WordPress SQL Attacks

This attack has been around a while, but an IP range in Belarus with a user-agent of Mozilla/4.0 appears to be trying it again. WordPress servers should be prepared for the old SQL attack.

Here are just two of the many attempt types:



This attack tries to expose the blog software’s admin (id=1) password. I guess 666 is a delimiter for someone — if successful the attack looks like it will generate a page with the admin password hash positioned between a pair of 666 and colons (CHAR58) like this:


To check and see if you have been breached use a shell account and login to mysql:

mysql -pPassword -u Username Databasename

Then look for id=1

select * from wp_users where id=1;

This should show you the admin account information including the hashed password.

One form of prevention against these lame scripted attacks is to setup a WordPress blog with the wp_users column named something else, such as dudes or even just users. The problem with this is keeping WordPress and its plugins aware of a new column name. Defaults have the obvious risk but WordPress does not even allow the admin account name to be changed without directly editing the database.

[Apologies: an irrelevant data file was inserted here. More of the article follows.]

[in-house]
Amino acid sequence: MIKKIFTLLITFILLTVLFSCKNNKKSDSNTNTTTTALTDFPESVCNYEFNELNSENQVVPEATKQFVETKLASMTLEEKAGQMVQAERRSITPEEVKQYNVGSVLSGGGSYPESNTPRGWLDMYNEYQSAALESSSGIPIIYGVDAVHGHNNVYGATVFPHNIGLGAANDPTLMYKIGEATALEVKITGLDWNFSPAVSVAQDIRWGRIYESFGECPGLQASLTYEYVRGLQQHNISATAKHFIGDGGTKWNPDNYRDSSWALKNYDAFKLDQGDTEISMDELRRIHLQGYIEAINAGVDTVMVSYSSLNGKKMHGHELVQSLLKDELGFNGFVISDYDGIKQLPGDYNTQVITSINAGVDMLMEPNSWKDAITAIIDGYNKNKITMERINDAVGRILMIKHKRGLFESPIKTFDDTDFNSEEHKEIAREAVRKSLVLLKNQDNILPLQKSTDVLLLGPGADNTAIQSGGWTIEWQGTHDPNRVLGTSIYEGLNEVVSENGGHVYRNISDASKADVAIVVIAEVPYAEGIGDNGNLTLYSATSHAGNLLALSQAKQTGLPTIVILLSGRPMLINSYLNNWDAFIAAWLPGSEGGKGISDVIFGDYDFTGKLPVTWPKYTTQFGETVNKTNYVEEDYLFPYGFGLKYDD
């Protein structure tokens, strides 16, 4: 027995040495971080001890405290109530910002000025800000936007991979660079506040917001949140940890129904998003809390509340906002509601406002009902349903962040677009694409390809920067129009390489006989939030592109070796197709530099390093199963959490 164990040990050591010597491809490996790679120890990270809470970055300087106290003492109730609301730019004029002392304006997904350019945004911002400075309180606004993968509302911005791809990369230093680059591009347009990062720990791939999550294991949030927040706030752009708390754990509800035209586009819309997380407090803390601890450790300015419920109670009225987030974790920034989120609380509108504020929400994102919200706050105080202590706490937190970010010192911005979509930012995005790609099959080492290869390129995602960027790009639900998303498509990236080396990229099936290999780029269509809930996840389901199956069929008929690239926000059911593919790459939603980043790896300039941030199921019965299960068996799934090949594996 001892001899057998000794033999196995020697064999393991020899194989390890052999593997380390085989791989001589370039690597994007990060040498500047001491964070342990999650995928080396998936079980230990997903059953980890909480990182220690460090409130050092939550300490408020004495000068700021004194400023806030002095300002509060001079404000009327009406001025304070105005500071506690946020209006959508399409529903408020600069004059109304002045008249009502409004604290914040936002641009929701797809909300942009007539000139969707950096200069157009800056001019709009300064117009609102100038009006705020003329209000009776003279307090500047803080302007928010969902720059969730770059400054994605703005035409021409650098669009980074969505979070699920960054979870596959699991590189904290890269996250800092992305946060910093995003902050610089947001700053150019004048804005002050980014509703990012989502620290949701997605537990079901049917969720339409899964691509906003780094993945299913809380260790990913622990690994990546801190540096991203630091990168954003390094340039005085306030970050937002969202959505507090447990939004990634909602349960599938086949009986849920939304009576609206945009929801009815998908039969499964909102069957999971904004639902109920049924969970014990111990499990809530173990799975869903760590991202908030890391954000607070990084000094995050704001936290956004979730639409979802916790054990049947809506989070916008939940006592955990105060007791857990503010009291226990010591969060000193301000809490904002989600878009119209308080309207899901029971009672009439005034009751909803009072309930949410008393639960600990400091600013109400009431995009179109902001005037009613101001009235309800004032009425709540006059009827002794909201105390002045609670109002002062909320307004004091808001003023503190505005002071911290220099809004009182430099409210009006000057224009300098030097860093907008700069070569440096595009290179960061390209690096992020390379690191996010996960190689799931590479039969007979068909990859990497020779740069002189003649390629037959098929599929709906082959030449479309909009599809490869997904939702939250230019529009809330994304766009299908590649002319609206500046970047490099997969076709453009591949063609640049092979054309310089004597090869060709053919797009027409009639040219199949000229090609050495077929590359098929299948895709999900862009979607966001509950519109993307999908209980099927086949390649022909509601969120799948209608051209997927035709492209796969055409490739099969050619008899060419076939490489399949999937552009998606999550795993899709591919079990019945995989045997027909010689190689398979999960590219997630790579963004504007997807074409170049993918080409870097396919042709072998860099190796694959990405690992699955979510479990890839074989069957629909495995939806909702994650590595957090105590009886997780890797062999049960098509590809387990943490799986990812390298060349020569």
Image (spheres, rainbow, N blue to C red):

Another way to reduce the effectiveness of scripted attacks is to use an application-level firewall like SEO Egghead’s plugin or PHPIDS.

5 thoughts on “WordPress SQL Attacks”

  1. Eyal, thanks for the comment. Nice guide but I noticed “chmod 644 /www/wordpress/wp-config.php”.

    This file has the database password so why not use 640, or even 600, especially in cloud/cotennant environments?

  2. Any way to check this if you don’t have a shell account? Many people are hosted directly with wordpress.com, which does not provide shell account access.

  3. Clint, it seems the attackers will deface pages with scripts and redirects. Check pages and posts for modifications. Once you have found unusual code there is a \”search posts\” option in the edit page to expand the search.

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